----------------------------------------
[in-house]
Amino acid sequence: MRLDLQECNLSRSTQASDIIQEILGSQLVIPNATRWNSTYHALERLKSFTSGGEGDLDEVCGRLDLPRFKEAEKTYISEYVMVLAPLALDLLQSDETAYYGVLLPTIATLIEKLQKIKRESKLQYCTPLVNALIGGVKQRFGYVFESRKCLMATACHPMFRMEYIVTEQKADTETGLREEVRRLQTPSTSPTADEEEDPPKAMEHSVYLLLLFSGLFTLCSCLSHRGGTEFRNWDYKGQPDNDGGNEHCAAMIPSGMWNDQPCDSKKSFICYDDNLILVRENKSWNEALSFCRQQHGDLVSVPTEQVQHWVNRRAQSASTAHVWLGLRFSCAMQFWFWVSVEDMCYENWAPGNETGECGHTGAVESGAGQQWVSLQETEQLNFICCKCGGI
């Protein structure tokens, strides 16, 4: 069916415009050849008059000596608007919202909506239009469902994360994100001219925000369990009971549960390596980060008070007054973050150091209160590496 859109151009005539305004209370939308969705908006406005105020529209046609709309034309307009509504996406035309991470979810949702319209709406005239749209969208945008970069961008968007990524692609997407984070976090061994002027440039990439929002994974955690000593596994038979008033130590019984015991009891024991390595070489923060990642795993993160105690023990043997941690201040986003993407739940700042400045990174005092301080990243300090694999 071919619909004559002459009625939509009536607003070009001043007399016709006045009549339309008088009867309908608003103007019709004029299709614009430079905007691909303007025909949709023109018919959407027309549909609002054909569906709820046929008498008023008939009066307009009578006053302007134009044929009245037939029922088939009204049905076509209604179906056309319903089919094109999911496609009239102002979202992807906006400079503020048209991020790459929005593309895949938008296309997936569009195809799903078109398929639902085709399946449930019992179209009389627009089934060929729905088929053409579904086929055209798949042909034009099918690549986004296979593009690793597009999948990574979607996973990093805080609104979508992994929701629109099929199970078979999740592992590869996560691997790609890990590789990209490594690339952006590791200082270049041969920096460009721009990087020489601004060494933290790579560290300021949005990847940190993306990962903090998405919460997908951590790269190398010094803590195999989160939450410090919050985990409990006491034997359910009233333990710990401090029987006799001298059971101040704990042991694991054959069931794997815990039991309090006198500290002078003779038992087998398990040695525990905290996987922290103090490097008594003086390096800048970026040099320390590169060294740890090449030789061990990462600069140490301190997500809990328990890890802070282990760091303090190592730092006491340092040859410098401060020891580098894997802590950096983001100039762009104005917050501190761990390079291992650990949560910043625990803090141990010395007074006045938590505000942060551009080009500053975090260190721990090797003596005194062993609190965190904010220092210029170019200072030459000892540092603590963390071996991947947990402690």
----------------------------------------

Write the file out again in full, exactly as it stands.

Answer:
[in-house]
Amino acid sequence: MRLDLQECNLSRSTQASDIIQEILGSQLVIPNATRWNSTYHALERLKSFTSGGEGDLDEVCGRLDLPRFKEAEKTYISEYVMVLAPLALDLLQSDETAYYGVLLPTIATLIEKLQKIKRESKLQYCTPLVNALIGGVKQRFGYVFESRKCLMATACHPMFRMEYIVTEQKADTETGLREEVRRLQTPSTSPTADEEEDPPKAMEHSVYLLLLFSGLFTLCSCLSHRGGTEFRNWDYKGQPDNDGGNEHCAAMIPSGMWNDQPCDSKKSFICYDDNLILVRENKSWNEALSFCRQQHGDLVSVPTEQVQHWVNRRAQSASTAHVWLGLRFSCAMQFWFWVSVEDMCYENWAPGNETGECGHTGAVESGAGQQWVSLQETEQLNFICCKCGGI
């Protein structure tokens, strides 16, 4: 069916415009050849008059000596608007919202909506239009469902994360994100001219925000369990009971549960390596980060008070007054973050150091209160590496 859109151009005539305004209370939308969705908006406005105020529209046609709309034309307009509504996406035309991470979810949702319209709406005239749209969208945008970069961008968007990524692609997407984070976090061994002027440039990439929002994974955690000593596994038979008033130590019984015991009891024991390595070489923060990642795993993160105690023990043997941690201040986003993407739940700042400045990174005092301080990243300090694999 071919619909004559002459009625939509009536607003070009001043007399016709006045009549339309008088009867309908608003103007019709004029299709614009430079905007691909303007025909949709023109018919959407027309549909609002054909569906709820046929008498008023008939009066307009009578006053302007134009044929009245037939029922088939009204049905076509209604179906056309319903089919094109999911496609009239102002979202992807906006400079503020048209991020790459929005593309895949938008296309997936569009195809799903078109398929639902085709399946449930019992179209009389627009089934060929729905088929053409579904086929055209798949042909034009099918690549986004296979593009690793597009999948990574979607996973990093805080609104979508992994929701629109099929199970078979999740592992590869996560691997790609890990590789990209490594690339952006590791200082270049041969920096460009721009990087020489601004060494933290790579560290300021949005990847940190993306990962903090998405919460997908951590790269190398010094803590195999989160939450410090919050985990409990006491034997359910009233333990710990401090029987006799001298059971101040704990042991694991054959069931794997815990039991309090006198500290002078003779038992087998398990040695525990905290996987922290103090490097008594003086390096800048970026040099320390590169060294740890090449030789061990990462600069140490301190997500809990328990890890802070282990760091303090190592730092006491340092040859410098401060020891580098894997802590950096983001100039762009104005917050501190761990390079291992650990949560910043625990803090141990010395007074006045938590505000942060551009080009500053975090260190721990090797003596005194062993609190965190904010220092210029170019200072030459000892540092603590963390071996991947947990402690």